1 MAY 1847, Page 15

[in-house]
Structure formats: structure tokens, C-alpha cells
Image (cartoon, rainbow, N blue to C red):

Meneraz SCHOPENHAUER was a friend of Goethe, and an authoress of some popularity in Germany ; who after publishing four-and-twenty vo- lumes of biography, travels, fiction, and criticism on the fine arts, deter- mined to write her own life, partly as an amusement in her declining years, partly to save herself from the'hands of biographers. This plan, however, was intercepted by her sudden death, in 1838, when she had only recorded one third of her career.